According to at least this example embodiment, the low voltage maintenance cabinet 1114 includes an upper cabinet 1114U (also referred to as an upper compartment or upper cabinet portion) and a lower cabinet or compartment 1114L (also referred to as an lower compartment or lower cabinet portion). As discussed herein, the lower cabinet 1114L may be referred to as the first cabinet, first compartment or first cabinet portion, and the upper cabinet 1114U may be referred to as the second cabinet, second compartment or second cabinet portion.

The low voltage maintenance cabinet 1114 may be mounted to an elevator side of the landing wall 1113. In this example, the elevator side of the landing wall 1113 refers to the interior side of the landing wall 1113 facing the elevator landing. Alternatively, the low voltage maintenance cabinet 1114 may be mounted to a landing side of the landing wall 1113. In this example, the landing side of the landing wall 1113 refers to the interior side of the landing wall 1113 facing the elevator shaft. In yet another alternative, the low voltage maintenance cabinet 1114 may be mounted to both the elevator side and the landing side of the landing wall 1113. In still other alternative example embodiments, the low voltage maintenance cabinet 1114 may be mounted to another portion of the landing wall 1113.

According to at least some example embodiments, the low voltage maintenance cabinet 1114 is enclosed by at least one maintenance cabinet door arranged within the door jamb of the landing doorway 1104.

As shown in FIG. 1B, for example, the upper cabinet 1114U is enclosed by an upper cabinet door 1102U. The upper cabinet door 1102U includes a handle 11020U to open and close the upper cabinet door 1102U. The upper cabinet door 1102U also includes a lock or locking mechanism 11022U to prevent unauthorized access to the upper cabinet 1114U. The lock 11022U may be any suitable lock or locking mechanism accessible with, for example, a key, a code, etc. At least when closed, the upper cabinet door 1102U is perpendicular or substantially perpendicular to the plane of the landing wall 1113 and the plane of the direction of movement of the elevator door leaves 1104L and 1104R.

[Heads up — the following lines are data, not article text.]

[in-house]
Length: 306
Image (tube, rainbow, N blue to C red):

Similarly, the lower cabinet 1114L is enclosed by a lower cabinet door 1102L. The lower cabinet door 1102L includes a handle 11020L to open and close the lower cabinet door 1102L. The lower cabinet door 1102L also includes a lock or locking mechanism 11022L to prevent unauthorized access to the lower cabinet 1114L. The lock 11022L may be any suitable lock or locking mechanism accessible with, for example, a key, a code, etc. At least when closed, the lower cabinet door 1102L is also perpendicular or substantially perpendicular to the plane of the landing wall 1113 and the plane of the direction of movement of the elevator door leaves 1104L and 1104R.

As discussed herein, the upper cabinet door 1102U and the lower cabinet door 1102L may form an inner or inside portion of the door jamb of the landing doorway 1104 when closed.

As will be discussed in more detail later, one or more maintenance panels may be arranged in the low voltage maintenance cabinet 1114. The one or more maintenance panels are configured to slide in and out of the low voltage maintenance cabinet 1114 such that the one or more maintenance panels are accessible by a maintenance technician from the elevator landing while the elevator system is in operation. According to at least one example embodiment, the maintenance panel includes components for control and/or service of at least one operation of the elevator arrangement. The maintenance panel is configured to slide out from the landing wall into a landing doorway of the elevator arrangement.

In one example, the one or more maintenance panels are configured to slide laterally outward from the low voltage maintenance cabinet 1114 and the landing wall 1113 into the landing doorway 1104 in a plane parallel to the plane of the landing wall 1113. The maintenance technician is able to access the low voltage maintenance cabinet 1114 independent of the location of the elevator car 1110 within the elevator shaft. In this regard, the maintenance technician may access the low voltage maintenance cabinet 1114 even as the elevator car 1110 passes the elevator landing at which the low voltage maintenance cabinet 1114 is located.